I wanted to have a blast in Hangzhou all weekend as I’ve been planning to do for weeks, but somehow it turned out to be largely about getting legal.
See, to work legally in China, you need a work visa. In China, it’s called a Z Visa. (Z for 职业, of course.) If you have a full time job in China, your employer has to do the necessary paperwork to get you the Z Visa.
But there’s more. I also needed an Alien Employment Permit (外国人就业证). In Hangzhou I had a Foreign Experts Certificate (外国专家证). Apparently the transition from “American spoken English teacher at a university” to “trainer/consultant fluent in Chinese at a private company” involved a change from expert to alien as well. Oh well, the pay’s a lot better. I got my Alien Employment Permit last week.
But there’s one more important document. As a foreigner, I also need a Residence Permit (居留证). In Hangzhou my school used to repeatedly renew a Temporary Residence Permit (临时居留证). The temporary permit was a flimsy little piece of paper that you can just tuck inside your passport. The full-on Residence Permit looks like a dark green passport and requires a yearly physical examination. Apparently ZUCC found the physical exam requirement too much of a bother. That was fine with me. But now I need a physical to get my Residence Permit in Shanghai.
To make a long, boring story short, my new work institution was too slow in getting all my paperwork processed, so I had to go to the bureau of something or other on Saturday morning to get my Temporary Residence Permit extended so I don’t get fined 400 rmb (US$50) per day. But they took my passport, so I can’t get my physical today, as scheduled. I will have to make a new appointment.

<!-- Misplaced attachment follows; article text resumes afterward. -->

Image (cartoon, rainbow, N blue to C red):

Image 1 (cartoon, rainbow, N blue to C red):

The other reason I didn’t leave for Hangzhou Friday night was that Melody had its company dinner Friday night. It seems to be a tacit understanding that attendance is mandatory. That turned out to be a lot better time than I expected, though. The food was good, my co-workers were fun, and there was a lot of beer drinking. (Too bad it was all Budweiser.)
I did finally make it to Hangzhou Saturday afternoon. I got to see all my Hangzhou friends and made some new ones. Heather had a great house-warming party.
Returning to ZUCC, I somehow feel like I’m returning to the comfort and security of ma and pa on the farm, back from big city life. Life was simple and pleasant all those days at ZUCC. It still is.